The Garden Of Hope
By Post Friday, October 25, 2013, 09:38 PM EDT
The Garden of Hope began nearly two years ago adjacent to the front walkway; it was a few plants placed in the arrangement of a heart. The heart was dedicated in memory of Stephen Scheuermann, the former executive director of Buddies of NJ, Inc. (NJB) who gave 12 plus years of his life before suddenly passing away. Mr. Scheuermann was the heart and soul of NJB; he treated everyone with respect and worked tirelessly to make the organization most efficient for its clients.
Joe Gonzalez, a resident of the Harrison House in Paramus created the Garden of Hope as a part of his physical and mental recovery. Joe transformed a small part of earth into a wonderful garden that fills the entire walkway and lawn area of the Harrison House. His wish is to honor Steve and inspire those living with HIV to not give up. “When I first came to this house, everything seemed sad and unwelcoming. People in the house seemed negative; it didn’t feel like home,” said Mr. Gonzalez. “I was really lucky when the new house manager, Ray, gave me the opportunity to change this. He told me I didn’t have to, but I said to him that I wanted to make the home nice for everyone. Now, even people who drive past or come feel welcomed and comment on how beautiful everything is. It makes this house feel like a home.”
500 hand painted rocks emphasize the beauty of the thousands of flowers ranging from the 5 species of marigolds, petunias, tulips, lilies, lilacs, xenias, silvias, and even a 7’ tree filled with red roses in October. The little white rabbit, the owl, Rosie the scarecrow and more… were rescued from curbside trash and have become the guardians of a long season of healthy flowers. Through time, and the work of his hands, it has become largely admired. It is amazing to see families bring over relatives who reside in the hospital to share in just a bit of its beauty and inspiration. Joe has been commended by many neighbors, colleagues, and county officials on the garden’s beauty.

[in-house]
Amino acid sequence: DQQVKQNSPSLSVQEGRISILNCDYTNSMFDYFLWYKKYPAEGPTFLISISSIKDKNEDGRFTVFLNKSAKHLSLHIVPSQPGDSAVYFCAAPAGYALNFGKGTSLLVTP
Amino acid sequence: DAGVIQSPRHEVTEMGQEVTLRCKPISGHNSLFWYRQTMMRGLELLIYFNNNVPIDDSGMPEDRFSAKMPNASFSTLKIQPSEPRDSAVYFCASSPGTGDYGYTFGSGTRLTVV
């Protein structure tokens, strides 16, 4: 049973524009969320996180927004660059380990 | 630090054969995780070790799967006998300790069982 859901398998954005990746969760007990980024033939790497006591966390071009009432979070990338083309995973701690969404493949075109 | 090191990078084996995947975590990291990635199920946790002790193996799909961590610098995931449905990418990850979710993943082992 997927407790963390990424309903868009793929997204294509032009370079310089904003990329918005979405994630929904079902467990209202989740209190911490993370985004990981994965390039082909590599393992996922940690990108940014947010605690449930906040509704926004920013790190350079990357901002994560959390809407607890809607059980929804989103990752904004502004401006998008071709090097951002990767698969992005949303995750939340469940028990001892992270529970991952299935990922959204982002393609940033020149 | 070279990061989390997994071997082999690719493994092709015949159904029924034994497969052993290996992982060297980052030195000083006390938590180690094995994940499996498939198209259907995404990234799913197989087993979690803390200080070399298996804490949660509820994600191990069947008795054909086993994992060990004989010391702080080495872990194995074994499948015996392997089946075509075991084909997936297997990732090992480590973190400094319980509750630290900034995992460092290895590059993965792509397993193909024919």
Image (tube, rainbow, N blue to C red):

Joe learned from his father and his grandfather. His father, a great chef, taught Joe many techniques, recipes, ways to make things work. He always said, “We only use fresh ingredients. No canned anything. All soups and sauces need to be fresh. They taste better that way.” Joe also grew up on his grandfather’s farm in Puerto Rico where he learned about plants and the proper techniques to grow and harvest food. When he returned to NJ, Joe used the passion for food that he gained from his father to pursue his own career as a chef. Joe is an accomplished chef yet, more accomplished as being a human being; he’s the father of 2 beautiful girls Alicia and Gisette. Joe is a loving grandfather as well.
The virus led Joe into a deep depression. He had lost everything he had—his family, his job, and his home. Buddies accepted Joe into the Harrison House and he regained a healthy perspective on life. In many ways, this Garden of Hope has been an avenue for Joe to express himself: his pain, his joy, and his journey through life. It is a way of not giving up but giving back to the community.
HIV continues to be a prominent epidemic in the United States and worldwide. Organizations like Buddies of New Jersey help those infected and affected by HIV take control of their lives in a positive way which in-turn stops a progression to AIDS.